You mentioned you went to NYU for writing, so what made you switch to director?

Again, the writing program just didn’t work for me. It wasn’t really teaching me the things that I think people should know about writing. The other great mystery to me was performance, and I was around a lot of young actors. I was curious, so I directed some theater and took some acting courses. I’m not someone that likes to be in front of a camera, so I naturally moved behind the camera.

What didn’t they teach you about writing that you think is important?

First of all, I think you need to understand character arcs. You have to understand plot and structure. I didn’t know there was a three act structure until after I graduated, so information was definitely not being put in front of me in a way that was sticking. When I look back, I got a lot out of NYU. I think I was just frustrated because I wasn’t able to do what I went in to do. In the long run, it taught me a lot of important tools.

Did you have a hard time finding jobs after film school? Or did coming from NYU help at all?

No, finding work is always hard. Film school, especially NYU, does not set you up to get into the real world of earning money, what it means, and what the different opportunities are. My experience in film school was you have to do whatever you have to do to get your movie made. You have to lie, cheat, and steal to do it, and that became a reality when I understood production and that the rest of the film world is the same way. It was not a part they identity in the program, but the experience did replicate what the business was going to be, so I got that out of it too.

Do you still find yourself lying, cheating, and stealing to make movies?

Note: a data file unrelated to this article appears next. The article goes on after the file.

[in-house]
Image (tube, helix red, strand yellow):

Absolutely! No… [laughs] Actually, I find myself not having to do much of that anymore, which is good. If you want to get things made in the industry early on, you’re going to be — and I don’t mean that in a literal sense — doing everything possible to get your movie made, and that’s what “lying, cheating, and stealing” means to me. As soon as you think you’ve reached the top of the mountain, there’s more mountains. You better get into that mentality, because it’s a nonstop barrage of obstacles. Between you and your vision, success comes down to achieving those obstacles.

With “lying, cheating, and stealing,” do you miss that type of filmmaking at all? Some directors say that that type of work ethic forces you to be creative.

Man, I like low-budget filmmaking way more than big-budget filmmaking. The larger budgets I’ve had were never going towards the creative, so that was always a bit of a thing. Part of the joy in low-budget filmmaking is the freedom, and that is one of the things you gain from doing that kind of thing. There is creativity there. Sometimes you’re given a little sand in your sandbox, and you find a really cool way how to use it. I’ve always loved this interview with Akira Kurosawa — and I think it was about Ran — and they were asking him about why he framed a shot a certain way, and they thought it was so smart how he did it.

He said there was an airport off the highway to the right [laughs], and I always thought that was an awesome example of what it means to be a director. Sometimes you think, with big movies, you have all the money in the world, but you don’t. You’re trying to think about how you can bring it on the screen and about making smart decisions that will creatively end up being the story. There’s always little stories about everything behind the movie.